Historically, the SWCB has been the major borer problem in the northern parishes, whereas the SCB has been the primary borer problem in areas of south Louisiana where corn was grown in the vicinity of sugarcane. In both cases, economic infestations were sporadic and somewhat unpredictable for corn acreage planted during the recommended planting windows. Last year, however, was a major exception to most of these trends.

In 2002, the SCB became a serious, and in some cases the predominant borer pest of corn in Catahoula and Concordia Parishes and to some extent in Tensas and Franklin Parishes. It appeared that the SCB became less important as the corn acreage move northward from the lower Delta parishes. The SWCB was a bigger problem in the northern most parishes, where it also resulted in heavy infestations. By the end of the growing season, heavy infestations of both borers had moved into late-planted grain sorghum. Heavy SCB infestations also developed in rice during late season.

It is difficult to predict whether or not 2003 will see a repeat of the heavy borer infestations experienced in 2002. The factors causing the 2002 epidemic are not fully understood, but we are hopeful that the hard winter freezes have reduced overwintered populations of the SCB.

There are some preventive measures that producers can take to prevent a recurrence of last year’s borer problems. The first is to plant the crop early or within the recommended planting dates. Granted, corn planting is always weather dependent, but producers should make early planting a high priority. As with other crops and other pests, the corn borer problem is a race between crop development and the build up of borer populations during the course of the season. Early planting may not guarantee you total escape from borers, but late planting will almost always guarantee heavy infestations during critical stages of crop development.

A second option is the use of Bt hybrids. This year Extension recommends three medium maturity Bt hybrids based on yield performance at various research stations. These hybrids are Terral 2155, Terral 2160 and Pioneer 31B13. These hybrids were recommended at all test locations around the state except Baton Rouge. Recommended hybrids with the Bt technology provide excellent control of the SWCB and the SCB at all crop growth stages.

The disadvantage to Bt hybrids is the up-front cost, which may not be recouped in the event of a light borer year. Producers who plant Bt corn are required to follow a resistance management program which requires them to plant at least a 50 percent refuge of non-Bt corn. The refuge must be located within one-half mile of the Bt corn, if it is a separate field. Other refuge options include blocks of non-Bt corn within the Bt field and strips across the Bt field of at least four to six rows of non-Bt corn.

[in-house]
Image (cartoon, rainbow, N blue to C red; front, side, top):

We anticipate that compliance with this program will be strictly monitored in 2003. Strip planting non-Bt corn with Bt corn might inhibit or reduce the build-up of borer populations on the non-Bt strips, but it will also complicate insecticide applications if treatment for borers in the non-Bt strips is required.

Another option for preventive borer control is the use of Regent 4SC at planting as a soil insecticide treatment. LSU AgCenter research indicates that this systemic insecticide will control or suppress second-generation stalk borers. This would provide protection during some of the most susceptible crop development stages and also inhibit borer population build-up within a field. The use of Regent is not as effective as a Bt hybrid, but the up-front cost can be offset by its other service as a soil insecticide for certain soil insects.

The final alternative is to plant a non-Bt corn hybrid and then attempt to scout and treat as needed. This is probably the most difficult alternative, because borer infestations are very difficult to detect before the larvae bore into the stalks. Scouting for egg masses and small larvae is a very tedious and time consuming process that often provides poor results.

Larvae can be controlled with numerous insecticides, but applications must be properly timed so that the borers are still exposed to the chemical. Insecticide treatments are not effective after the larvae have bored into the plant. Intrepid is a new insecticide recommendation for borer control in corn for 2003. This product represents a different chemistry, which provides improved residual control.

Although research in corn to document the extent of this residual effectiveness is lacking, Intrepid research in other crops indicate that two to three weeks of effective residual might be a reasonable expectation. If so, this would allow a wider window of crop protection and reduce, to some extent, the need for precise application timing in order to achieve effective control.

Scouting efficiency can be improved through the use of pheromone traps that attract and collect adult moths. Moth counts can provide a general idea of insect activity in the adjacent field, thus aiding in treatment decisions. There is a very effective pheromone trap and lure bait commercially available for the SWCB, but not for the SCB.

Therefore, the use of SWCB pheromone traps in production areas, which also have high numbers of SCB, can be very misleading. Low trap counts may indicate low SWCB populations, but they say nothing about SCB populations in the same field.

Jack Baldwin is an Extension entomologist with the Louisiana State University AgCenter.e-mail: jbaldwin@agctr.lsu.edu